Gilbert’s syndrome is a benign condition passed down generations as an inheritance. The disease influences the way bilirubin (the orange-yellow pigment in the bile that forms as a product of haemoglobin) is processed by the liver, indicating the presence of jaundice in the body. That is why jaundice affected people complain of persistent yellowness of eyes and fatigue.
Gilbert’s syndrome is a common disorder,with eight people in every 100 being affected. It is mostly diagnosed at puberty or in adult life. Males are affected more often. The values of bilirubin may be higher than 3 mg/decilitre due to stress, fatigue, illness, fasting, and alcohol. To understand Gilbert’s syndrome, it will be useful to learn a bit more about bilirubin, and the condition, unconjugated hyperbilirubinemia.
Bilirubin is a pigment found in the bile, a digestive juice secreted by the liver and stored in the gallbladder. The process of the creation of bilirubin begins with the breakdown of Red Blood Cells (RBCs) in many parts of the body. RBCs contain haemoglobin, which in turn breaks down to two substances: ‘haeme’ (iron) and ‘globin’ (protein). Haeme is converted to bilirubin, which is then carried through the blood stream to the liver.
In the liver, most of the bilirubin is chemically attached to another molecule before it is released in the bile. This conjugated (attached) bilirubin is called direct bilirubin; unconjugated bilirubin is called indirect bilirubin. Conjugated bilirubin is secreted by the liver into the bile and stored in the gallbladder, or transferred directly to the small intestines. Bilirubin is further broken down by bacteria in the intestines, and those broken down products contribute to the colour of the faeces.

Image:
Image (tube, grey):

Unconjugated or indirect bilirubin is formed by haeme fragments, and they do not get attached to any other chemical. Because unconjugated bilirubin is soluble n fat and cannot be excreted in the urine or bile, it can escape to extravascular tissue, especially fatty tissue and the brain, resulting in a condition called hyperbilirubinemia. Unconjugated hyperbilirubinemia is the cause of Gilbert’s Syndrome.
Do You Have Gilbert’s?
The disease is mainly asymptomatic.However, certain signs and symptoms like the following can help in identifying the disease:
- Yellow tinge to the skin and whites of the eyes.
- Abdominal discomfort.
- Abdominal pain in the right quadrant.
- Increased blood levels of bilirubin.
- Mild jaundice
Does It Require Treatment?
Gilbert’s is a harmless disease. However, the recent awareness of increased toxicities with certain drugs, especially Irinotecan, has woken up the interest in this disease. Congenital unconjugated hyperbilirubinemia have parents other than Gilbert’s Syndrome – like haemolysis (premature destruction of red blood cells) – and their diagnosis is entertained if bilirubin levels are high. Hence patients with unconjugated hyperbilirubinemia are also checked for haemolysis. The bilirubin levels in hemolysis usually do not exceed 5 mg/dl. As Gilbert’s is a common disorder, sometimes haemolyis and Gilbert’s may co-exist. In these situations, bilirubin levels are higher.
Are Medicines Needed?
Administration of Phenobarbitone improves bilirubin levels. Certain drugs like Rifampicin, Oestrogens (in birth control pills), Paracetamol and certain HIV drugs as Indinavir may increase bilirubin levels. The intake of the cancer drug Irinotecan in Gilbert’s can cause severe toxicities like diarrhoea and bone marrow suppression.
Gilbert’s syndrome per se does not require to be treated. It is important to be aware of the condition though, and reassuring the patient of a recovery is mostly all that is required.